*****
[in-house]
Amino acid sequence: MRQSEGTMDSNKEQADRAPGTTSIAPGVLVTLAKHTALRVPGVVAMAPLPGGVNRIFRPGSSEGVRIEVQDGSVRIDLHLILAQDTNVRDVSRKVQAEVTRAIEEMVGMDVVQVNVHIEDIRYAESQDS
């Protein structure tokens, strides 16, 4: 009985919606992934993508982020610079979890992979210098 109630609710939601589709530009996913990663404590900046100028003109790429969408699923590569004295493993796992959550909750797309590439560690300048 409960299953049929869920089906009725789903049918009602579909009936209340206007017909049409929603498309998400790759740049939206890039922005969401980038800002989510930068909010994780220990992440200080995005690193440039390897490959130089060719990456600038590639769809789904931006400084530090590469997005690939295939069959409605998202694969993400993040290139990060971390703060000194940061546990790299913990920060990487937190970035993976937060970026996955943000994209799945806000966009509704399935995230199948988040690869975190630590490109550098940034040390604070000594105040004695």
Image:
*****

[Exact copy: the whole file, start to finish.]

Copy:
[in-house]
Amino acid sequence: MRQSEGTMDSNKEQADRAPGTTSIAPGVLVTLAKHTALRVPGVVAMAPLPGGVNRIFRPGSSEGVRIEVQDGSVRIDLHLILAQDTNVRDVSRKVQAEVTRAIEEMVGMDVVQVNVHIEDIRYAESQDS
């Protein structure tokens, strides 16, 4: 009985919606992934993508982020610079979890992979210098 109630609710939601589709530009996913990663404590900046100028003109790429969408699923590569004295493993796992959550909750797309590439560690300048 409960299953049929869920089906009725789903049918009602579909009936209340206007017909049409929603498309998400790759740049939206890039922005969401980038800002989510930068909010994780220990992440200080995005690193440039390897490959130089060719990456600038590639769809789904931006400084530090590469997005690939295939069959409605998202694969993400993040290139990060971390703060000194940061546990790299913990920060990487937190970035993976937060970026996955943000994209799945806000966009509704399935995230199948988040690869975190630590490109550098940034040390604070000594105040004695």
Image: